We interview Ellie Dobbs, a Masters student in Conservation Biology at the University of Kent. Her research studies the variations in perceptions and taboos about aye-ayes in Madagascar. Her undergraduate dissertation is titled “The Aye-Aye Enigma: Analysing the variation in attitudes, beliefs, and customary institutions pertaining to the aye-aye (Daubentonia madagascariensis)”. She aimed to deduce existing patterns in attitudes and highlight drivers for these attitudes and perceptions. What is your background, and how did you find yourself studying the lemurs […]
Tag Archives | lemur scientists
We talk with lemur PhD researcher Mariah Donohue about her research in Ranomafana, her time in Madagascar during the COVID-19 pandemic, and her undying love for brown lemurs.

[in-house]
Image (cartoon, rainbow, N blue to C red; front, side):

When did you first get interested in working with lemurs and conservation and what motivated you to undertake this work? I stumbled into lemur research by accident. I’d gotten a grant from the Biology Department to study social behavior and I was supposed to do research on tree swallows but that opportunity fell through, so I was nervously drifting around the department, trying to come up with a new project. Then Alison Jolly came and gave a talk to […]